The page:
the vine-ripened tomato lie [General]

2009 Aug 20
i just read an interesting blog article about vine ripened tomatoes. i am an avid tomato grower, i grow in pots, and i have some varieties that do great and some that suffer. i have lots of control over the growing conditions, but still get blight and blossem end rot. i do a big harvest of green tomatoes before the frost and those ripen on the counter. i then roast and freeze for winter use. counter ripening always works, whereas i often have loss when i riped on the vine.

i am curious to hear other growers experience and if they agree or disagree.

here is the article:

(note, i found the link to the article on the you grow girl website).

2009 Aug 20
Wow, thanks! This is perfect timing -- my tomatoes are just at the stage where they start to take on a bit of colour. Guess I'll be picking some soon to try this out!

re: vine-ripened terminology. Those beautiful premium-priced "on the vine" tomatoes at the grocery store are technically ripened on the vine. But the cynical view is that the vine is a piece that's been chopped from the plant and the ripening takes place in a chamber of ethylene gas. Food for thought. :-)

2009 Aug 20
Fresh Foodie - I admit to buying vine-ripened tomatoes in the dead of winter (they just look so much better IMO). But if you want a real cynical point of view think of this...

Joe Public wants to think he is buying something "au natural" envisioning a farmer's field (albeit a pretty big field... not to mention a pretty big "farmer") where the tomatoes are all growing along hunky dorey... and then someone comes out and hand-prunes a runner of red vine-ripened tomatoes.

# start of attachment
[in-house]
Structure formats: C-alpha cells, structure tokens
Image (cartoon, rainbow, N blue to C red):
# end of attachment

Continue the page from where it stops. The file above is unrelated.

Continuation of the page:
When in fact, those same vine-ripened tomatoes really are no different from their "picked green ripened on the truck" variety... they pretty much nowadays are ALL hot-house tomatoes.

Different terminology, same grower, same hot-house and in the end same tomato. (EDIT - should also say "however very different" cost).


Ate two more for lunch today went nice atop my cheeseburger off the grill. Picked 3 more off the vine, they were almost entirely red except for a bit of green around the stem (probably because that part wasn't getting much sunshine). Have brought them in to "counter ripen"... will report results.

Looks like a "growing" crop... several more new "teeny tiny" tomatoes starting to grow, and some more on the verge of being picked.

2009 Aug 21
I have been growing tomatoes for 4 years now. The one issue I have is the pruning aspect. I never seem to prune enough of the plant before it grows out of control. This especially bad with the large breeds. Any thoughts or incite would go a long way. The home grown are always a real treat. No store tomato even comes close!

2009 Aug 21
i don't grow large breeds. with the smaller/mid-size breeds, i prune at first and then i let it go. this is said to result in fewer tomatoes, but we get a decent bounty each year that i don't worry too much.

i don't know why everyone doesn't find a tiny patch of sun to grow a tomato plant. it is such a treat, even my sun loves watering and picking, though he is no fan of eating tomatoes yet.

2009 Aug 22
A couple thought on tomatos. Please forgive me if I am too basic. First, if you are growing your own remember that there is a significant difference between determinate and indeterminate tomatos. The latter will absolutely have to be staked. Second, blossom end rot is a calcium deficiency associate with uneven watering. Make a point of ensuring your plants receive a constant and steady source of watering each week and particularily when the fruit is forming. Finally, one last suggestion. Remove the spur that grows at a 45 degree angle from the branch and stem. These are not useful parts of the plant and their removal will help to shape the whole. Happy growing.